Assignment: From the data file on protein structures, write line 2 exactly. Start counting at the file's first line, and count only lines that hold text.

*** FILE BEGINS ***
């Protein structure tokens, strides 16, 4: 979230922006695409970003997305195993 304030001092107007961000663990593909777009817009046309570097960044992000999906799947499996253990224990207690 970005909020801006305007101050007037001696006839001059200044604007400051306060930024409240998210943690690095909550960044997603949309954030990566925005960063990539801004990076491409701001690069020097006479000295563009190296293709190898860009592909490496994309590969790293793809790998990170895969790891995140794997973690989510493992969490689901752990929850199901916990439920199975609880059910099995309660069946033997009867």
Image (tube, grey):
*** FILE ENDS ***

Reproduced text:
Image (tube, grey):